Burtwell doesn't make any claims that the ingredients in his food come from within the same radius as the wine, and bottles on his wine list sell for about $15 less than what the same bottle costs on a restaurant in Austin.

He says it's a matter of taking the time to educate consumers. Servers, who go on field trips to many wineries on the list, are happy to provide samples of just about any wine of the list .

You can also order flights of Viognier or Tempranillo, two grape varietals that grow well in Texas and go into some of the best wine being made in the state now. For about $20, you can compare three or four versions of each from different wineries. (What will be the next big grape? Burtwell says he has high hopes for what winemakers will do with Lenoir and Blanc Du Bois grapes, which also thrive here.)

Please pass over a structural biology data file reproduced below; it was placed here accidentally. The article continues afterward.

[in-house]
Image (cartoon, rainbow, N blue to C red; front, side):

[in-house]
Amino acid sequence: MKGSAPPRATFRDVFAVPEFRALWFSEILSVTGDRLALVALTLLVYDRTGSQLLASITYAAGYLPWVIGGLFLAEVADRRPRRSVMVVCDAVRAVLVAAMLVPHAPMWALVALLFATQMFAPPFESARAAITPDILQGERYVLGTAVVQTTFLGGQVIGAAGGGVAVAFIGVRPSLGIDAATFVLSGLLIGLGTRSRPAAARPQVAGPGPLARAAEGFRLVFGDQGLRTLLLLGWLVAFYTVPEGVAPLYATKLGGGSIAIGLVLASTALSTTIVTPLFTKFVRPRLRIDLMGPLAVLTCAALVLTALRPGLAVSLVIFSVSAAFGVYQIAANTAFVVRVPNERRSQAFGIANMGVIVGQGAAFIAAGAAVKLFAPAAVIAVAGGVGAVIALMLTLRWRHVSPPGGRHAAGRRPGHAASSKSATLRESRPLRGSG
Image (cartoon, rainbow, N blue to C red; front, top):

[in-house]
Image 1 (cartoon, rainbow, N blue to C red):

Burtwell has enough experience in kitchens to put out dishes, such a buffalo enchiladas, oak-smoked pork tenderloins and pheasant curry soup, that would rival many in Austin, and without the wine that reflects that region, it's not a complete experience. "It's easy; if it grows together, it goes together."

abroyles@statesman.com; 912-2504

Stay where you dine

Located next to Cabernet Grill is the Cotton Gin Village, seven log cabins clustered around a koi pond, large outdoor seating area for the restaurant, intertwining paths lined with lush flowers, herbs and even pomegranates. It's right next to Texas 16 south of Fredericksburg, so it's easy to find but not quite as remote as the "village" setting makes you feel. Butterflies, waterfalls, a blacksmith shed full of antique tools. A real treat.

Rates start at $159, and you can find more information at cottonginlodging.com .

— A.B.

Meet the grower

On Nov. 3, Cabernet Grill executive chef Ross Burtwell is putting a different spin on the traditional winemaker dinner by hosting Neal Newsom, one of the state's top grape growers, as a special guest at a meal featuring wines from wineries that use his grapes.